In February 2018 it was announced that the company was on the verge of insolvency. Gibson has over $ 500 million in debt that it would have to service this year. Between 2013 and 2016, sales had dropped from $ 2.1 billion to $ 1.7 billion.

On May 1, 2018, Gibson filed for bankruptcy and filed an agreement with more than two-thirds of its creditors to reorganize. The company was finally saved with the help of the American alternative country musician Nat Zilkha and the investment company Kohlberg Kravis Roberts & Co. , where the guitarist has been Head of Special Situations and partner since 2007. On October 2, 2018, the company was released from legal supervision by judicial approval and passed into the ownership of Kohlberg Kravis Roberts & Co. and other investors. On October 23, the new management of the company was announced with James Curleigh as the new CEO .

Allegations from environmentalists

In November 2009 and again in August 2011, US federal authorities searched Gibson's premises and confiscated tropical woods such as ebony and rosewood , instruments made from them, and files. The wood is said to come from illegal logging in Madagascar and India. The basis for the seizure is the so-called Lacey Act , which prohibits the import of illegally felled wood into the USA, even if the violations of the law were not committed in the USA. In October 2011, a motion to amend this law was tabled in Congress. Environmental protection organizations such as Rainforest Rescue accuse Gibson of being behind this initiative together with the timber company APP and called for international protests against Gibson and the proposed change in the law. In November 2011, the Zurich Zoo published a study according to which the large quantities of tropical wood processed by Gibson could not possibly come from legal forest concessions. Seven out of eight trees were illegally felled; in addition, wood was felled in the Masoala National Park . The luthier agreed to pay a fine of $ 300,000.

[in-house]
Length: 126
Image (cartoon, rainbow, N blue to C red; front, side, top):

Gibson brand guitars

Soon after Gibson's production focus was shifted to guitars, archtop guitars (“jazz guitars”, percussion guitars) took a special place in the product range. These are acoustic full resonance guitars with a domed, usually carved top (and bottom) and F-sound holes ; Instruments that are mostly played with steel strings. The construction principle of these instruments is borrowed from that of violin making . Famous archtop guitar models that have been built practically unchanged since the 1920s and 1930s are the Gibson Super 400 , the Gibson L-5 , as well as the Gibson ES-175 and the Gibson Byrdland since the 1950s . Due to their elaborate and high-quality manufacturing, these four models are at the top of Gibson's product range to this day.

The type designation "ES" used by the company since the 1930s for many of its guitar models stands as an abbreviation for Electric-Spanish , whereby the company only uses the Spanish attribute to distinguish instruments played on edge, i.e. with an upright body , from those with a flat body played lap steel guitars . However, this is only used by the company for its full and semi-resonance guitars; none of the solid body electric guitars developed by Gibson since the early 1950s has this name.